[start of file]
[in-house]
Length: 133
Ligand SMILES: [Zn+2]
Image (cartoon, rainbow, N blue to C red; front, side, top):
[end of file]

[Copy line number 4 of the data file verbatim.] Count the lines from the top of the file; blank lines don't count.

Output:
Image (cartoon, rainbow, N blue to C red; front, side, top):